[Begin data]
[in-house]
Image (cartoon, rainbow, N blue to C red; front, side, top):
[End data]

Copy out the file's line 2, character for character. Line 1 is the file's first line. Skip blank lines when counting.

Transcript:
Image (cartoon, rainbow, N blue to C red; front, side, top):